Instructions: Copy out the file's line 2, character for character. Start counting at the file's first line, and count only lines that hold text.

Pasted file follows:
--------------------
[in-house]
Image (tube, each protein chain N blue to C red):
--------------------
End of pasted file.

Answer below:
Image (tube, each protein chain N blue to C red):